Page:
This photo was taken towards the end of July. For several weeks prior to this, Vietnam had experienced few new cases of covid-19, and none were community transmissions. The government had eased domestic travel restrictions, and Vietnamese travelers were returning to visit tourist centers like Hoi An. The people in the photo are from all over Vietnam. Not a mask in sight. The feeling, generally unspoken but real, was that Vietnam had dodged the covid-19 bullet and we could relax.
Within ten days of this photo being taken, covid-19 cases had spiked in Da Nang 20 km away, and all of the new infections were community transmissions. Authorities locked down Da Nang and sealed off the city, closing the airport and setting up police check points to restrict road access. Hoi An followed suit, locking down about a day after Da Nang had. By the time the lock down began, all of the tourists in Hoi An were gone – if I am not mistaken, the government organized road transport and extra flights to get people home as quickly as possible. Virtually everything closed in Hoi An and the streets were empty. People, yours truly included, were nervous. The virus was spreading by community transmissions and the epicenter of the spike was in nearby Da Nang.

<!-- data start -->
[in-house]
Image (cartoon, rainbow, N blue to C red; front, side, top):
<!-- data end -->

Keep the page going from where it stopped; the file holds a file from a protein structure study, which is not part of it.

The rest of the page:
Resolute action on the part of public health authorities combined with a local population cooperating with government efforts to contain the spread of the virus allowed Vietnam to get the late July spike in new cases under control by the end of August. But not before several hundred people became infected and more than 30 died. The lock down in Hoi An, which saw less and less “locked” as the end of August approached, ended formally a few days before the end of the month, and Da Nang re-opened several days later.
The rush to open up for tourism has not occurred this time as it did in the spring and summer of this year. Restaurants, shops and other businesses are open, people are out and about, but if the tourists have begun returning to Hoi An, I have not noticed. People are certainly relieved to resume life more or less as normal, but a wariness remains, a feeling that we still might not be done with this.
It’s 10 in the morning and this woman is finished serving breakfast. She has packed up her tiny noodle shop on wheels and is getting ready to head home.